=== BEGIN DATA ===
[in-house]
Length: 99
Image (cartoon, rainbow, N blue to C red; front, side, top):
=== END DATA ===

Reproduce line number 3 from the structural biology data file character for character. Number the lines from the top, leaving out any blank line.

Image (cartoon, rainbow, N blue to C red; front, side, top):